I think we're broadly in agreement. You then went on to say this:
'Of course even if ARB fall into a position where it looks like they won't have the funds to repay debts or post the necessary collateral they will have various options to try to deal with this (re-financing, equity raise etc.).'
I suppose I should have said very, very slim chance of bankruptcy rather than literally no threat but other than that we agree - bankruptcy is not the concern right now, it's surviving the bear market in one piece so as to see a share price recovery on the flip side .
Talk of Argo going under is scaremongering Chae, whilst times are obviously bleak for all miners there is literally no threat of bankruptcy for Argo for the considerable future. BTC would need to stay below $19k (and probably go even lower) for a substantially long period for there to be any threat to argo's existence.
What's actually important is if, in the likely event BTC recovers and another bull run ensues, Argo will be in a position to take advantage of it.. Will there be HODL to sell at $50k, at $60k, at $100k etc ? Will there be a bigger debt pile to service at high interest rates taking on during the bear market? Will the market get carried away with itself like in early 2021 or has the business model been found out?
The next three to six months will determine whether Argo ends up 50p a share on the flip side or £3+
I think it's worth noting that there isn't likely to be many new entrants in the short to medium term. Even with rigs dropping in price it will be near to impossible to raise equity at this point in time and any entity that is cash rich is more likely to just start buying BTC direct than go out and built themselves a large mining operation.
If any big miners go to the wall then yes that's different, the steeply discounted machines would then make it worthwhile or we could even see miners bought up on the cheap.
Yeah my point is they aren't losing more because they are mining more (i.e better to switch off machines), it's simply that they've got too big too quickly and have been caught out by the lower than expected bitcoin price (~$25k-$30k trading range would have been far more manageable). In other words the spotty kid mining 0.01BTC in his bedroom is losing the least of all.
But as long as most of the liabilities are long term, 2024 onwards, then there is still plenty of time for bitcoin to pick up before those companies get into serious trouble.
How is that the case Chaebol? I get that none are making a profit at this level but if the machines have been paid for, the land has been paid for and all the work to get the operation to full whack why would mining more cost more? I'm confident Corz' costs discounting all the sunk costs wouldn't be more than $20k a bitcoin / $24m a month.
The issue is all the debt accumulated to get those mega-sized operations and in particular short term repayments that have to be met.
Well of course it's good from 40-70p but that isn't the point. Today the news was considerably better than expected and yet a few weeks ago I might have been paying 125p+ for avacta shares - today I got them for 108p. People hold in order to be in it when the good news lands effectively pricing out those like me, it hasn't done that this time...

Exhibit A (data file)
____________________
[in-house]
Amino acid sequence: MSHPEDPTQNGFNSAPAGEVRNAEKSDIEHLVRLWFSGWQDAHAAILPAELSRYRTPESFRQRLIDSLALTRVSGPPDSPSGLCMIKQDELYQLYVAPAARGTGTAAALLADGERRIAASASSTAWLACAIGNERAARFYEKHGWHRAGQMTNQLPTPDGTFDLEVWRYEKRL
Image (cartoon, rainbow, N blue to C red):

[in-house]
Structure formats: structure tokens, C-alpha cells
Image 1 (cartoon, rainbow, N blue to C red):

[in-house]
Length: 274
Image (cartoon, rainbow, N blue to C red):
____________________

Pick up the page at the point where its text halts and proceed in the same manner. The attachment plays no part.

I've been on the sidelines again recently and thought I'd obviously missed my opportunity to get in only to find myself with a 108p buy quote on open - feel this 10% is little reward for those that held on and took on the risk.
BC well the share of the total network increases for the other miners and their bitcoin mined goes up slightly but no Mara going offline won't be significant by itself, we're talking perhaps 1-2 extra BTC minted for Argo if all their operations were to go offline.
RE: Bitcoin Miners Fight for Survival as Crypto Winter Deepens28 Jun 2022 15:57
Fair enough Hexam, I think difficulty will continue to fall but you're right it won't come down quickly and will take some time for the least bear-fit miners to bite the dust. Even then I suppose we'll see distressed assets bought off cheap as well as new cash-rich entrants coming in and buying up ASICs on the cheap so hash rate is unlikely to ever capitulate.
RE: Bitcoin Miners Fight for Survival as Crypto Winter Deepens28 Jun 2022 15:18
Once machines start being turned off those keeping theirs on will see the benefit. For example let's say company A's all in sustaining costs (AISC) are $5m a month and they are currently mining 200 coins a month, their breakeven BTC price is therefore $25k. Fast forward a few months and company A has managed to continue with operations whilst peers are switching off machines and others have actually gone under... now difficulty has halved so $5m a month costs mining 400 coins a month gives a BTC breakeven price of just $12.5k.
If miners are truly feeling the pinch already then this sort of scenario is going to play out sooner rather than later.